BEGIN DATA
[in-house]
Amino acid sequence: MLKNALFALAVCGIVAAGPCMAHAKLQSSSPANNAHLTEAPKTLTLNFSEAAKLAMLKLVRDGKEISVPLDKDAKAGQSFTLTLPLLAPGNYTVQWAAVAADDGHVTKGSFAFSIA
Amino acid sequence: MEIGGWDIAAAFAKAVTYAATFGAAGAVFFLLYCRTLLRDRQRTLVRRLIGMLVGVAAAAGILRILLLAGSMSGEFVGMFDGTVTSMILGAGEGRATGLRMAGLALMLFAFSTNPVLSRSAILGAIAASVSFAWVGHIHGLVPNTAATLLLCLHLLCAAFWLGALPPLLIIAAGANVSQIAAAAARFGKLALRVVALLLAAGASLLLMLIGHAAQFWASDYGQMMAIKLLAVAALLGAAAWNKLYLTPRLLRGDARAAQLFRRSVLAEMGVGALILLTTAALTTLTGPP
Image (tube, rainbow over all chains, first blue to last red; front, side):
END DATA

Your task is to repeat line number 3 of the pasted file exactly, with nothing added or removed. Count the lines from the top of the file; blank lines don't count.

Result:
Amino acid sequence: MEIGGWDIAAAFAKAVTYAATFGAAGAVFFLLYCRTLLRDRQRTLVRRLIGMLVGVAAAAGILRILLLAGSMSGEFVGMFDGTVTSMILGAGEGRATGLRMAGLALMLFAFSTNPVLSRSAILGAIAASVSFAWVGHIHGLVPNTAATLLLCLHLLCAAFWLGALPPLLIIAAGANVSQIAAAAARFGKLALRVVALLLAAGASLLLMLIGHAAQFWASDYGQMMAIKLLAVAALLGAAAWNKLYLTPRLLRGDARAAQLFRRSVLAEMGVGALILLTTAALTTLTGPP